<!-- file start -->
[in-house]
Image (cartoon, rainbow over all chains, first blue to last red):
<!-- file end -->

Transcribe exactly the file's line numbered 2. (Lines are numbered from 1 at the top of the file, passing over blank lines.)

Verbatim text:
Image (cartoon, rainbow over all chains, first blue to last red):